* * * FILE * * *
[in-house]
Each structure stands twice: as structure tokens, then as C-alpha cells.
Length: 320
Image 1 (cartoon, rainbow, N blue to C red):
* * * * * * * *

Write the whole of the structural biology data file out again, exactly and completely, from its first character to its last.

[in-house]
Each structure stands twice: as structure tokens, then as C-alpha cells.
Length: 320
Image 1 (cartoon, rainbow, N blue to C red):